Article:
The Ego likes to play games that help us to feel more alive. It-You may play the victim or the aggressor, the smart one or the unintelligent, the superior one or the inferior one. Self-negativity, counter to our intuition, is an effective way to feel alive – the amount of emotional drama it generates can be addictive.

The Ego has fear at its root. Because we feel that the Ego is us, we may attack or defend against anything that appears to threaten our identity. When someone brings up certain qualities about ourselves, we are likely to defend and justify ourselves, or we may get angry and walk away, or we shut down. It is difficult for us to simply listen to how others perceive us because the threat to “me” feels too great. The Ego makes us feel like we have to protect our island at all costs!

The Ego constantly looks for attention. It needs continuous affirmation. Whether through sadness, despair, or social contact – it seeks reassurance. While under the Ego’s spell, we do not feel real unless we act out the games the Ego needs to play. While we are dismantling the Ego, it may feel like we are dying – and, in a sense, our perception of the self is dying.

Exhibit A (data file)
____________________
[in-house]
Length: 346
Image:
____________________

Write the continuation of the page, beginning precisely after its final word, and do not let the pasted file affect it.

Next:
The Ego is neither evil, nor good. It is just a lens through which we have gotten used to seeing the world. However, this limited perception is not who we are. There is so much more to us, and we may never know it if we continue to be trapped in the Ego’s version of our world. After we no longer identify with the Ego, we are free from the illusion. But while we are under the Ego’s spell, everything we perceive – no matter how distorted- feels very vivid and real.

Very few are aware that they are caught up in this illusion because they identify with the illusion. At some point, a person may sense that something is off, but he or she can’t quite pin it down. This individual may be ready to start dismantling the Egoic structure, which got him or her this far. This person is no longer fulfilled by seeking love outside and may start the journey of transforming the very mechanism that senses and interprets reality. And this is the beginning….The process of awakening, guided by a teacher, breaks the illusion and dissolves the perception of separation.